Traditionally, twelve married women (not widows) stand touching the artist to start the process. There is a strict hierarchy to the roles. The senior exponents make the boris while the learners make the paste and render peripheral help. The unhusked lentils are ground on stone and the paste is tested to check for smoothness. A pinch is thrown into a bowl of water- if it floats, it passes the test.

The paste is placed in a cloth and squeezed out slowly, the base design being laid out in a clockwise direction. A layer of finer embellishments are then made in an anticlockwise direction. Any refinements or corrections are performed using a sharp stick where the helpers come in handy.

One of the most important ingredients in making these delicious boris is dried opium seeds (posto). However, since it is not grown locally and is expensive, sesame seeds are often used as a substitute. The seeds are spread out on the surface and the boris are created on them. This not only prevents them from sticking to the surface, but also imparts a lovely taste to the dried boris. Most housewives use sesame seeds, and some even apply a thin film of mustard oil on the surface.

Nurtured and evolved by the local female population of Medinipur, this skill has gained popularity in other parts of West Bengal chiefly because of local girls moving into their marital homes in other parts of the state. Others have been influenced by them. Some have combined the art of bori making with the art of decorative alpana drawing and raised gohona boris to artistic heights with delicately executed intricate designs. Housewives eagerly await the coming of winter to embark upon this creative activity. Even the newcomers to the area are caught up in the excitement.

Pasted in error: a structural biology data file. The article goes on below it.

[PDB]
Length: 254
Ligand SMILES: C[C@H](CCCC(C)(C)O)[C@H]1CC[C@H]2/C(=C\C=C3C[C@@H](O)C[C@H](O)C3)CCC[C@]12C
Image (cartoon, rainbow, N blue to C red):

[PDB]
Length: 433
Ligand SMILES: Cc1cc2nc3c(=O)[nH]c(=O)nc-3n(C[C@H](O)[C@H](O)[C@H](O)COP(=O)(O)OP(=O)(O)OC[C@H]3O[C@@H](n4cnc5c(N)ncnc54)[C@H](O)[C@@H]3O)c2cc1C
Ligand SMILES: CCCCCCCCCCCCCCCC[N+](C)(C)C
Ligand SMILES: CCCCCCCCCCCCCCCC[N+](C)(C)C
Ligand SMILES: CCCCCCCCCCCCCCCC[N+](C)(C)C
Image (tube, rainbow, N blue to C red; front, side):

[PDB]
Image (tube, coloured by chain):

In the past few years, this skilled art form has been instrumental in empowering local women in Medinipur, where this has now been raised from a household industry to a cottage industry. The local administration and some self help groups are trying to revive this dying form and they also sell these decorative delicacies through co operatives. 

Converting boris into a financially feasible marketable product seems a distant dream. Decorations in colour and nutritive additives like powdered mushrooms are being attempted but their success is dependent on the acceptance by buyers. Chemical additives and a slight reduction in the whiteness may not sell. Packaging these delicate, crumbly boris will present a challenge if they are to be marketed outside the country. Currently they are packed in a bedding of puffed rice to prevent them from cracking. Packing them in air filled polybags inside a carton would work, as would emulating the packaging used by biscuit and wafer makers. There was an earlier attempt to package and market these boris under the brand name Urja, an umbrella name for all Self Help Group products of Purba Medinipur, but efforts seem to have died out.

The fear remains that in the event of the Gohona Bori acquiring worldwide status, the domestic industry will be replaced by replicas much like the traditional kantha.